- 2010 Season
- Chipper Jones tore his ACL in August. As both WebMD and MedlinePlus state, ACL tears are common for many types of athletes. Neither article cites a lack of conditioning as a cause.
- Martin Prado suffered a torn oblique muscle and a hip pointer on September 28th, causing him to miss the rest of the season. He said himself that he got injured making a diving catch and aggravated it further swinging the bat the next inning. That sounds more like a freak injury than an injury due to poor conditioning to me.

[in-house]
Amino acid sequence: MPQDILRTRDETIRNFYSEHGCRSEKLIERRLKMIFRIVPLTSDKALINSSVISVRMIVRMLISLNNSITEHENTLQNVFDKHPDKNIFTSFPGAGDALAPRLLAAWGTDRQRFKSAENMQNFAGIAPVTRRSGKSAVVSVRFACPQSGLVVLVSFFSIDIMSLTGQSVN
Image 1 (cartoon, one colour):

- Jair Jurrjens had a couple of big injuries in 2010. First, he strained his hamstring, another injury that many athletes experience. He fully recovered from that injury, however, and went on to pitch very effectively in July and the first half of August. Unfortunately, the injury bug bit him again, this time in the form of a slight meniscus tear. The Stretching Institute says that traumatic events usually cause meniscus tears in active people under the age of 45. WebMD says twisting or turning quickly with the foot planted can be a cause. In other words, it's another injury that sometimes just happens. In the spirit of full disclosure, The Stretching Institute also says that balancing exercises, stretching, and strengthening are among effective preventive measures for meniscus injuries. Nevertheless, we can logically assume that the Braves' overall conditioning program isn't to blame for Jurrjens' injury since no other Braves' pitcher has suffered a meniscus tear recently. You might say that even though he's not a pitcher Chipper Jones tore his earlier this year, but I say that that could just as easily be attributed to Chipper being old (for a professional baseball player) and having knees with A LOT of miles on them (WebMD says that as a person ages the meniscus gets worn and tears more easily. Chipper has probably put more stress on his knees than the average person, which logically means he probably has more knee problems than the average person.)